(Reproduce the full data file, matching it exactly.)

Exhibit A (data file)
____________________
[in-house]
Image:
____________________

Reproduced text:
[in-house]
Image: